Campus stores face rash of robberies;

Sarah McKenzie

For someone with Ali Sullivan’s experience, handling a robber seems as blasÇ as a turkey sub on white.
Sullivan, a freshman in the College of Liberal Arts, has been held up twice in the past year while working at Blimpie Subs & Salads in Stadium Village.
“The first time was a lot worse,” Sullivan said. “I had a lot of butterflies in my stomach.”
But last Wednesday when a man came into the sub shop demanding money, Sullivan said she calmly handed over $320 in cash and called the police.
Sullivan is not alone; in the past month, an increasing number of campus parking attendants and store clerks in Dinkytown have fallen victim to armed robberies, according to University Police Sergeant Joe May.
The recent rash of robberies is troublesome for University Police; May said the rate of apprehension is generally not very good.
“Time is usually the big issue,” May said. “Robberies usually only last three to four minutes.”
But May said individuals who rob restaurants and stores for petty cash usually strike again and again, making a successful arrest more likely.
“These are desperate acts committed by desperate people,” May said. “They will eventually get caught.”
The rise in heists is unusual and may be a result of new residents in the area finding ways to gain quick cash, May said.
He added that 100 percent cooperation is the key to safely surviving an armed robbery; the worst thing to do in that situation is to play the hero.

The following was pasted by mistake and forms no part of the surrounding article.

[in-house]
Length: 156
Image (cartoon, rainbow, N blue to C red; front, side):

While Sullivan coolly handled her situation Wednesday, she expressed her frustration with the lack of response when calling 911.
“I called them last year when I saw a man that had previously robbed us,” Sullivan said. “They told me they were too busy.”
Nick Wahi, a senior in the College of Liberal Arts, shares Sullivan’s sentiments.
He didn’t call 911 right away when someone held him up while working as an attendant in a campus parking lot last December. First he contacted the University parking office.
The robbery occurred two hours before his final exam in German, but he said he managed to take it all in stride.
“I never felt physically threatened,” Wahi said. “We sort of had this friendly encounter.”
The robber approached Wahi in a very congenial manner and had initially inquired about a job. So Wahi invited him into the attendant’s booth to get out of the cold while he wrote down some information.
Once Wahi turned his back, the man demanded money but told him not to take it personally. He got away with $200.
The robber threatened that he had a gun, but Wahi said it looked plastic when he glanced at it out of the corner of his eye.
“I’ve been through a lot worse,” Wahi said. “This guy was as courteous as could be.”
Despite the distressing circumstances, Wahi said he still managed to ace his German final that day.
May warned students that the culprits will not always be so polite. The individuals who commit these crimes are often looking to satisfy a drug craving, he said.
“These people are very impulsive,” May said. “Therein lies the danger.”